World Heritage

I have travelled to many UNESCO World Heritage sites. Zanzibar Stone Town in Tanzania, Kathmandu Valley in Nepal, the Medina of Fez in Morocco, Robben Island in South Africa, The Great Barrier Reef in Australia, the Grand Canyon in the USA, the rock-hewn Churches of Lalibela in Ethiopia, Lavaux Vineyard Terraces in Switzerland (below), to name a few.

P1020597

I wondered what the listing actually meant, so of course I googled it.

‘Heritage is our legacy from the past, what we live with today, and what we pass on to future generations. Our cultural and natural heritage are both irreplaceable sources of life and inspiration.
Heritage is our legacy from the past, what we live with today, and what we pass on to future generations. Our cultural and natural heritage are both irreplaceable sources of life and inspiration.’

This got me wondering even more.

If these sites are to be passed on to future generations, why do we do so little when some are so threatened?

P1060953

Kilwa Kisiwani, Tanzania

https://dailypost.wordpress.com/photo-challenges/heritage/

Six Degrees South

At six degrees south of the equator,

the surprise of dusk is dramatic and sudden.

One moment you are enjoying the last rays of sunshine,

the next, darkness falls like a warm blanket.

Zanzibar, the Rufigi River in Selous Game Reserve, and the Uluguru Mountains in mainland Tanzania.

 

via Photo Challenge: Surprise

It IS easy being Green

 

Summer Trees UK

Summer Trees, UK

The word green has so many different connotations. It might simply be a colour, although nowadays it often has a more ideological meaning. It can be an adjective, noun or a verb. It’s the colour of harmony, balance,  growth and renewal.

20151129_140325

Global Day of Climate Action, 2015. Perth, Australia

In describing people as green,  I used to have an image, as many others do, of someone who wore hair-shirts, was vegan, didn’t use plastic bags and drove a Prius if they owned a car at all.

P1010390-001

Shanga Recycled Bottles Screen, Arusha, Tanzania

We don’t all have to wear hair-shirts. Yet I am someone who, when I get the occasional plastic bag, will wash it out to reuse it. I’ll  make sure that I upcycle, reuse or repurpose anything rather than throw it in the bin.

 

20160627_111906

‘Standing up for what matters’ 2016 Perth

Amongst other things, I go on protests to save and protect our environment or promote social justice and equity, and I also take the easy route of e-activism. I campaign to get Green members elected into parliament. I don’t eat meat. And I try not to leave too much of a footprint when I travel.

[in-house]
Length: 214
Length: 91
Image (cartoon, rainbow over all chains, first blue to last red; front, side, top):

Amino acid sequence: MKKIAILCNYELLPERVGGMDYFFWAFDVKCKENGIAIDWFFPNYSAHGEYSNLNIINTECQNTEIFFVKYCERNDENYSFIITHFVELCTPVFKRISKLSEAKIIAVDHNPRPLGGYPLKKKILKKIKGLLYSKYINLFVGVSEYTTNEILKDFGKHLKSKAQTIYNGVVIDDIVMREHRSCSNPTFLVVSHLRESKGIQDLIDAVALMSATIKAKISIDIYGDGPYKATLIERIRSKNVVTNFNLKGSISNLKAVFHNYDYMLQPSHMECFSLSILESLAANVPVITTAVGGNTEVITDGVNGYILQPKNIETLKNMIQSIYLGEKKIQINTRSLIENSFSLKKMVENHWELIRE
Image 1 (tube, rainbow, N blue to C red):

P1040680

Terraces of ‘food crops’ and forest, Nepal.

Even though I live in a city, I’m blessed that I’m still surrounded by my little haven of green – large gum trees that attract cockatoos; small native plants that flower, attracting insects and birds; grape and passionfruit vines; citrus and other fruit trees; and a veggie patch.

20160822_134131

A corner of my garden.

For those of us who are so fortunate, it’s easy to be green.

 

https://dailypost.wordpress.com/photo-challenges/it-is-easy-being-green/

Kassim

The man sat on his haunches deep in the shadow of the stairwell. The lights in the block of flats had been turned off, and darkness and silence prevailed all around. He had been here for some time, but the Zanzibar night was dark and still and he remained undetected. Occasionally a dog could be heard barking in the distance to be answered by another close by. The town slept. Only the scrawny dogs and rats scurried about in their search for sustenance among the stinking, smouldering rubbish heaps that struggled to burn.

Kassim waited for his moment. All doors were now firmly closed for the night. Except for the dogs and rats, he was alone. He remained squatting for another half-hour, immobile, watching and listening. He knew that the building across the street had an askari who was possibly still awake. On previous evenings when Kassim had checked on him, the watchman had been peacefully snoring under a tree. If anyone were to attempt to steal the vehicles he was supposed to be guarding, they might well get away with it.

Judging the time to be right, Kassim silently ran barefoot across the street. He found the man fast asleep, as expected, and headed round towards the balcony side of the flats. There was little cover, just a dusty grass verge and some straggly trees. Most of the streetlights were long since broken and there was no moonlight. He knew where he was going, even in the dark; he had done his research well. For days he had watched the white woman with the orange hair coming and going. She was staying with the other mzungu, in a first-floor flat — luckily for him. The ground floor would have been preferable, but this, he felt confident, would not present too many problems.

A drainpipe running down the wall beside the balconies made for easy climbing. In a couple of minutes he had pulled himself up making barely a sound. He squatted behind the small balcony wall to hide himself from the street and quieten his breathing. No lights were on inside and all was quiet. He tried the door. It was locked. The louvred windows were partially open, backed by a thin mosquito screen. Grasping the glass he pulled one of the louvres up and the other panes followed suit. Kassim drew the knife from his waistband and tried to prise a piece of glass from its metal frame.

 

An excerpt from a novel ‘The Tanzanite’ 

https://dailypost.wordpress.com/prompts/squat/